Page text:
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Making Good

Author: Shadd Maruna
Publisher: Amer Psychological Assn
ISBN: 9781433802140
Size: 59.66 MB
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Annotation Can hardened criminals really reform? Making Good provides resounding proof that the answer is yes. This book provides a fascinating narrative analysis of the lives of repeat offenders who, by all statistical measures, should have continued on the criminal path but instead have created lives of productivity and purpose. This examination of the phenomenology of "making good" includes an encyclopedic review of the literature on personal reform as well as a practical guide to the use of narratives in offender counseling and rehabilitation.

Making Good

Author: Shadd Maruna
Publisher: Amer Psychological Assn
ISBN: 9781557987310
Size: 65.60 MB
Format: PDF, Mobi
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Based on the Liverpool Desistance Study, this book compares and contrasts the stories of ex-convicts who are actively involved in criminal behavior with those who are desisting from crime and drug use. Extensive excerpts from the study reveal two types of personal narratives: a "condemnation" script favored by active offenders and a "generative" script favored by desisters. The way that these scripts are constructed and the manner in which they are used is then examined in light of contemporary criminological and psychological thought. The results suggests that success in reform depends on providing rehabilitative opportunities that reinforce the generative script. This study reveals a constructive new direction for offender rehabilitation efforts and will appeal to a wide range of readers from psychologists and criminologists to legislators, administrators, substance abuse counselors, and offenders themselves. (PsycINFO Database Record (c) 2004 APA, all rights reserved)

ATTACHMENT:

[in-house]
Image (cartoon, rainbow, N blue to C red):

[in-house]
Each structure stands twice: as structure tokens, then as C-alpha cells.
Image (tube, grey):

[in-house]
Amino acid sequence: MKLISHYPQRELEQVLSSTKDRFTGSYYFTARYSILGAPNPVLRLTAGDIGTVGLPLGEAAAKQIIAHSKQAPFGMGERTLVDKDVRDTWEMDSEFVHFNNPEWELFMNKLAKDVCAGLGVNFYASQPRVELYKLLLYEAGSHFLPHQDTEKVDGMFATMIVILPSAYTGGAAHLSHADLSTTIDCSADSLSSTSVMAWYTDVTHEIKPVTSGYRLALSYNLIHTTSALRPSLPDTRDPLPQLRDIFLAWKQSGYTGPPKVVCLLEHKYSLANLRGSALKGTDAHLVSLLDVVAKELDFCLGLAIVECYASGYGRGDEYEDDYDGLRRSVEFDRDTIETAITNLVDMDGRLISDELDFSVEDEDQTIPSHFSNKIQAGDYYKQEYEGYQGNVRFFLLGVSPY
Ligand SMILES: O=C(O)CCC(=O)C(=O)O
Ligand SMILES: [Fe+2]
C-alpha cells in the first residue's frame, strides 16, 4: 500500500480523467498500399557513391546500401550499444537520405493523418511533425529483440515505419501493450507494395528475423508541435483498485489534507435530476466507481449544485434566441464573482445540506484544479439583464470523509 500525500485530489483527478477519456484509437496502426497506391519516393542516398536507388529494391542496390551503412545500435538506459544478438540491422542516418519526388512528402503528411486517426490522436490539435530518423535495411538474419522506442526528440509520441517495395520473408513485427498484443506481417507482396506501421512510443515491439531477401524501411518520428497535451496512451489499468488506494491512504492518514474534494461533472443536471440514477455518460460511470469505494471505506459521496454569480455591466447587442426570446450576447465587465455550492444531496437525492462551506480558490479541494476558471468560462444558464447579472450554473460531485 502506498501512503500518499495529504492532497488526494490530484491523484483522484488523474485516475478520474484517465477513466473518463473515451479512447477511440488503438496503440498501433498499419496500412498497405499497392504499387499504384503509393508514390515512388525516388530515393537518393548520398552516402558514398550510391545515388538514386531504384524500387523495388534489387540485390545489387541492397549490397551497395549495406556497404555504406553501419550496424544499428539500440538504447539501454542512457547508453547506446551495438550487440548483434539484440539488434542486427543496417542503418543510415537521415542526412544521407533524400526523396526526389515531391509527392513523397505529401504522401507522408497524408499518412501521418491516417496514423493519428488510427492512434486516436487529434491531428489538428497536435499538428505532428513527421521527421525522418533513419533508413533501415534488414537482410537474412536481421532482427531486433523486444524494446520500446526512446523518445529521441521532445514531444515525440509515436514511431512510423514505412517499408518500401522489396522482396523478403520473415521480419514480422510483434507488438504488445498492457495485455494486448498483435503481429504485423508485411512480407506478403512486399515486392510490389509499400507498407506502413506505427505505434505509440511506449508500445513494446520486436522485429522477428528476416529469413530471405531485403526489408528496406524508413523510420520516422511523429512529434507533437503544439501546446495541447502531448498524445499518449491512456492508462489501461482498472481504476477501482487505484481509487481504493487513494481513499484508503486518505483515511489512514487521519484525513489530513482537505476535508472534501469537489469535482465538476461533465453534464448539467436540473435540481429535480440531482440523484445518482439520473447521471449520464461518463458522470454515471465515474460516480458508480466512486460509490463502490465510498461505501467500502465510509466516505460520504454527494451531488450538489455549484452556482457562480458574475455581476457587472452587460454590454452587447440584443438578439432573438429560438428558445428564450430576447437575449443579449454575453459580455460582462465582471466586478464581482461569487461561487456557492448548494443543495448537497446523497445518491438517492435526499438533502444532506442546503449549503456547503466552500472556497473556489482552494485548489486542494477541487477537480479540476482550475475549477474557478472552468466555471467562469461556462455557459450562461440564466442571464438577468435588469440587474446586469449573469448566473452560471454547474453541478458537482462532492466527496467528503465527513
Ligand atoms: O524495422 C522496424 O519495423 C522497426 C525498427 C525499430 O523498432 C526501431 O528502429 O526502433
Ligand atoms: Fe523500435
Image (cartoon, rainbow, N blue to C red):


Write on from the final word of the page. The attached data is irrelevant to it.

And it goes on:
After Crime And Punishment

Author: Shadd Maruna
Publisher: Routledge
ISBN: 1135986630
Size: 12.63 MB
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Drawn from top criminologists in the US and UK, each of the contributors applies criminological theory to the question of how best to reintegrate ex-offenders into the community, giving voice to the ex prisoner in a way that is rarely heard in criminological research or policy debates around resettlement.